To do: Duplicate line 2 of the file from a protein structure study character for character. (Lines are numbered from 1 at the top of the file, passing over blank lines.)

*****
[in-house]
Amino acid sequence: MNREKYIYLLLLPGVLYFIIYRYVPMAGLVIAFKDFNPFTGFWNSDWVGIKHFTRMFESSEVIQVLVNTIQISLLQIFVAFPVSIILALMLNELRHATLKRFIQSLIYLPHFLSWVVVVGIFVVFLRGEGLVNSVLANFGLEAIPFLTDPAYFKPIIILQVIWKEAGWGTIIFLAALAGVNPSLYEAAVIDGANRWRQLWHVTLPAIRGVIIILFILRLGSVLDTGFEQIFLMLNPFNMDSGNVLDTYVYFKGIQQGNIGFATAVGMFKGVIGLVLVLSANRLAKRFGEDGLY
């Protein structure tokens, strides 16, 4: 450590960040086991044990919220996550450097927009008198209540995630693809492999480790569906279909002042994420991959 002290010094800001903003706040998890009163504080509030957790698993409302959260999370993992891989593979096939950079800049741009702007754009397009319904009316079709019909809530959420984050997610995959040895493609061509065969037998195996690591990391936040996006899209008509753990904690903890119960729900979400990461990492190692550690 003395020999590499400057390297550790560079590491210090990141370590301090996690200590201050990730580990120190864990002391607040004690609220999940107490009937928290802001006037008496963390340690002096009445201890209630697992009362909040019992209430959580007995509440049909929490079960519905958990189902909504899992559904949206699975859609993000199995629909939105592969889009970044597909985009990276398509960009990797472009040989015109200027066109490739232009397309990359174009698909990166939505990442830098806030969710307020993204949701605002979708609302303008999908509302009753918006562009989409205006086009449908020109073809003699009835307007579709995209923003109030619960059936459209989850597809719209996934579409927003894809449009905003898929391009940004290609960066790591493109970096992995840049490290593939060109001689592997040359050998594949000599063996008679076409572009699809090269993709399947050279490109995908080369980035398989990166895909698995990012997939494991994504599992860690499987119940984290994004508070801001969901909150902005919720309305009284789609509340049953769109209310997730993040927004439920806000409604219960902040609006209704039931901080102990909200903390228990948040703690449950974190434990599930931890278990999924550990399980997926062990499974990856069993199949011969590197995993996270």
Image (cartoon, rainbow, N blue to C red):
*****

Amino acid sequence: MNREKYIYLLLLPGVLYFIIYRYVPMAGLVIAFKDFNPFTGFWNSDWVGIKHFTRMFESSEVIQVLVNTIQISLLQIFVAFPVSIILALMLNELRHATLKRFIQSLIYLPHFLSWVVVVGIFVVFLRGEGLVNSVLANFGLEAIPFLTDPAYFKPIIILQVIWKEAGWGTIIFLAALAGVNPSLYEAAVIDGANRWRQLWHVTLPAIRGVIIILFILRLGSVLDTGFEQIFLMLNPFNMDSGNVLDTYVYFKGIQQGNIGFATAVGMFKGVIGLVLVLSANRLAKRFGEDGLY